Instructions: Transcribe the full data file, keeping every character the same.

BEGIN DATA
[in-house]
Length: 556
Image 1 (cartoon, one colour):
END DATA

[in-house]
Length: 556
Image 1 (cartoon, one colour):